The newspaper and public affairs: Z1-1980/1-41-7E-PDF
In general, studies in both the United States and Canada have found ownership to have less influence on content than variables such as market size, circulation, audience characteristics, and, especially in Canada, region and language. Journalists who have experienced takeovers, however, tend to perceive greater differences than quantitative studies of content can detect. The possibility remains that concentration of ownership and lack of competition have important effects which are masked by broad content categories.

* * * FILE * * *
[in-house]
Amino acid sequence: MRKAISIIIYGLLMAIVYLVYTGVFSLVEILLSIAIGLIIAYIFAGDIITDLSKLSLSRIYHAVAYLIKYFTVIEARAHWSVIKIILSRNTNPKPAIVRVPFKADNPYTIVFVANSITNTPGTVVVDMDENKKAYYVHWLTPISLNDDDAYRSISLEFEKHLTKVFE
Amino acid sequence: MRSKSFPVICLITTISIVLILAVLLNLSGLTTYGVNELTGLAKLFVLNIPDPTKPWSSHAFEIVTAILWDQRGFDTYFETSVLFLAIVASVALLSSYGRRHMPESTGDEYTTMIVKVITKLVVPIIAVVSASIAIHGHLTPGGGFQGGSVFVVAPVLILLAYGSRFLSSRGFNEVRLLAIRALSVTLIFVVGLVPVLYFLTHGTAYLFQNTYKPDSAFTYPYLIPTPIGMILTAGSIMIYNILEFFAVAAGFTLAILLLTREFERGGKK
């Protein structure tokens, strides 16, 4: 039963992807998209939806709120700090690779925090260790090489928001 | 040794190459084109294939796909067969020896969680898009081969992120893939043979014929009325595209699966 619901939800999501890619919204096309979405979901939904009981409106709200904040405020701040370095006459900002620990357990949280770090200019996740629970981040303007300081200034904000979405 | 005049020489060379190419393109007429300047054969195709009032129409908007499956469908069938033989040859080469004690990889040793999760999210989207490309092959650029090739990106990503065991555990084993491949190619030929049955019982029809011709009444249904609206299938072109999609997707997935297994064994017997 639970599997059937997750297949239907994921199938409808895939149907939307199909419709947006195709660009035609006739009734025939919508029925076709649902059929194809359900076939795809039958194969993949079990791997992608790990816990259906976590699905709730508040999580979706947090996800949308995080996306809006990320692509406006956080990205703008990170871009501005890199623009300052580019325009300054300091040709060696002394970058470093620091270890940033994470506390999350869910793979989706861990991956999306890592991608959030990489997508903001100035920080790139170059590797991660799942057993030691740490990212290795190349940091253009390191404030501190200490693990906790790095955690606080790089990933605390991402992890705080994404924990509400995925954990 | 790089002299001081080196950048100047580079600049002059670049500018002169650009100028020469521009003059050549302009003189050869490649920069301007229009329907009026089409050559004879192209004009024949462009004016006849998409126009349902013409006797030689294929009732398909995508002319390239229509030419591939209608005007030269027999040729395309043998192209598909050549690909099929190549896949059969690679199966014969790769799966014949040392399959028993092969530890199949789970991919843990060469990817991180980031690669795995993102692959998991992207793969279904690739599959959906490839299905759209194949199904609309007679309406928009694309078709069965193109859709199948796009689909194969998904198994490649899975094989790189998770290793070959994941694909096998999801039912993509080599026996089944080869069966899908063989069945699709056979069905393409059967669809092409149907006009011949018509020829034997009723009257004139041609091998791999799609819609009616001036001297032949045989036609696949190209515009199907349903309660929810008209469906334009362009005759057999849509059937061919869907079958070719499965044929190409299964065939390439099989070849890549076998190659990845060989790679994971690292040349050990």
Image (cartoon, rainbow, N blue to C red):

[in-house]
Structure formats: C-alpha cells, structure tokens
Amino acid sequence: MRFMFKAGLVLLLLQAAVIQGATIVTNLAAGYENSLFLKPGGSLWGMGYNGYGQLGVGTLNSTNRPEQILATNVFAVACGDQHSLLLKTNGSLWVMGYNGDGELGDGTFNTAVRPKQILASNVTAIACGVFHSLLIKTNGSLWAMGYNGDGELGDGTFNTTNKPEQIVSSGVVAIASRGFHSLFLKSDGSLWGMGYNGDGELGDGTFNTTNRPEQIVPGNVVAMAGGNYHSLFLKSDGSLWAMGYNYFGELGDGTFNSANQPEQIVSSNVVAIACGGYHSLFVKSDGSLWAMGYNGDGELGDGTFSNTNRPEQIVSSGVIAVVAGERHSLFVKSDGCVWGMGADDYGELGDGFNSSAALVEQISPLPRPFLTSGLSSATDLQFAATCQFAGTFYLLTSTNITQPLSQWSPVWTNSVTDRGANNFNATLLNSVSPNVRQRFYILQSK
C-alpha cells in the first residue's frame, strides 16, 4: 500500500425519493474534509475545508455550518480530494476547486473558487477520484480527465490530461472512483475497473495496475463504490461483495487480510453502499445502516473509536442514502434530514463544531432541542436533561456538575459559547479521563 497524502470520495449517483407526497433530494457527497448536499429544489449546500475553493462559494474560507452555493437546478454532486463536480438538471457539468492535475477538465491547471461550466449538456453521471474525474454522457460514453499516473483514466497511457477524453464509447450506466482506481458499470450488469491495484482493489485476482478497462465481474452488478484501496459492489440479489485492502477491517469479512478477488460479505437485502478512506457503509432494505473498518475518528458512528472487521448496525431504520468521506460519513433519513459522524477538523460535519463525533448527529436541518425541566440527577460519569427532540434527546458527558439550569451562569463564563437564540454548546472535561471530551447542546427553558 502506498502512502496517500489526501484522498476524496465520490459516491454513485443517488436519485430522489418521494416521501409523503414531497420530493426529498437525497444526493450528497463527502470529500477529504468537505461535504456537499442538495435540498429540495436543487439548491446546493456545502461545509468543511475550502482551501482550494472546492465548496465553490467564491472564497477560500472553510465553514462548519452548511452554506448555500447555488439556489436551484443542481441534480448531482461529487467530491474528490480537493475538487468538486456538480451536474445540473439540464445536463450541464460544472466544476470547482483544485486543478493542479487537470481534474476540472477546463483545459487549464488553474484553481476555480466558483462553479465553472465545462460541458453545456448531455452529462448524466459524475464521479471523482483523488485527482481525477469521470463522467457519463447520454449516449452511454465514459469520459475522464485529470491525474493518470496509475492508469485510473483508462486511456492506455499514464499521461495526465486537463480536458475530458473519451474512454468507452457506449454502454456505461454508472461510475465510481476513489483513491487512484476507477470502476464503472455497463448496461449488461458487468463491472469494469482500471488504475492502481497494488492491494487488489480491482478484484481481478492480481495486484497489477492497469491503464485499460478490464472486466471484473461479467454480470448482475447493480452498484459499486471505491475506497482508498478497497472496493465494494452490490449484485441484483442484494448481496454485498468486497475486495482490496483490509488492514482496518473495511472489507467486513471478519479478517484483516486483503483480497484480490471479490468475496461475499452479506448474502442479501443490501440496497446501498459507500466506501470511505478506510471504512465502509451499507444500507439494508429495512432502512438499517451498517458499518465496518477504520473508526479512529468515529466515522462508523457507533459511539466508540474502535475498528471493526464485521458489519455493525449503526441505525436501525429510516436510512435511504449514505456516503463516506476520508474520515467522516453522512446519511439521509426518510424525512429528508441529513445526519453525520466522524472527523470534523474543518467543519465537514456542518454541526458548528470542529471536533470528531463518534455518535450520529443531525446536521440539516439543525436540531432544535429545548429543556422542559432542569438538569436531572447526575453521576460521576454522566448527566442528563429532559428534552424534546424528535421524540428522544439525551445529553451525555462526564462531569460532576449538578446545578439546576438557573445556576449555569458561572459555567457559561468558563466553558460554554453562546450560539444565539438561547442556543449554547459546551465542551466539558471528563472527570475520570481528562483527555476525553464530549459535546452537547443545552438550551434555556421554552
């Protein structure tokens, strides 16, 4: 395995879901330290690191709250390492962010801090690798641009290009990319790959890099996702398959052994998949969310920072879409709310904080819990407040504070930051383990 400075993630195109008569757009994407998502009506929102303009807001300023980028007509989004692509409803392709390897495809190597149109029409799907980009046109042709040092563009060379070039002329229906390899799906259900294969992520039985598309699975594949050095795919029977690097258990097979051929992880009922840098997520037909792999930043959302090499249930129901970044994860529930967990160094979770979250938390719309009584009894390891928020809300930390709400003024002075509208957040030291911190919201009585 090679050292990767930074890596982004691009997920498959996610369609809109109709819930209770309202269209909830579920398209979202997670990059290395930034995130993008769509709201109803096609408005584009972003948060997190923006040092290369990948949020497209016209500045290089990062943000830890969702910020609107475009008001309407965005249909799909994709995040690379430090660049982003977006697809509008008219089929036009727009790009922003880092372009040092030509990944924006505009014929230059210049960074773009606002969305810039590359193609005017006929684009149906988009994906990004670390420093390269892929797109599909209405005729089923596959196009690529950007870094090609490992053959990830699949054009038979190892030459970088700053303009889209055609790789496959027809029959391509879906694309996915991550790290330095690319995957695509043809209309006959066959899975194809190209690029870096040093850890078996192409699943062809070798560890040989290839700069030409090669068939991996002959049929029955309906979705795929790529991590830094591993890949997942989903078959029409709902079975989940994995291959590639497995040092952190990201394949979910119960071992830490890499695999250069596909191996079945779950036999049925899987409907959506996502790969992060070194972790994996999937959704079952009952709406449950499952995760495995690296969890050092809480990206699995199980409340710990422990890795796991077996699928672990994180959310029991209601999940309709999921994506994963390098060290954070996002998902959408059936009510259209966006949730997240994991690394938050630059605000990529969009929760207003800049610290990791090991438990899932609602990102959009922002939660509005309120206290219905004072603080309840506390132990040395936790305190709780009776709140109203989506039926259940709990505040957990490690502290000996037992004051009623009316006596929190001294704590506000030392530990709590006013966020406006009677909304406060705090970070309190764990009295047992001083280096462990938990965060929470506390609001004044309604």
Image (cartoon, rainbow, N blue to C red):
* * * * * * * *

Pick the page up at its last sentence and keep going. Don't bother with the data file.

|Department/Agency||Privy Council Office. Royal Commission on Newspapers.|
|Title||The newspaper and public affairs|
|Series Title||Research publications ;|
|Publication Type||Series - View Master Record|
|Other Language Editions||[French]|
|Electronic Document|| |
Information identified as archived is provided for reference, research or recordkeeping purposes. It is not subject to the Government of Canada Web Standards and has not been altered or updated since it was archived. Please contact the authoring department to request a format other than those available.
We invite you to consult the Frequently Asked Questions page for additional information regarding the Archived Content notice.
Note: The URLs contained in this/these document(s) may no longer be functional
|Note||Digitized edition from print produced by Privy Council Office of Canada. Issued also in French under title: Les quotidiens et les affaires publiques.|
|Number of Pages||ix, 123 p.|
|Subject Terms||Newspapers, Public opinion|
- Date modified: